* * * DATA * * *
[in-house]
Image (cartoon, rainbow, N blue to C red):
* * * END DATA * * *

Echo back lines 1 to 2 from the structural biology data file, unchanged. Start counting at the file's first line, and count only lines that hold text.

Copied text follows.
[in-house]
Image (cartoon, rainbow, N blue to C red):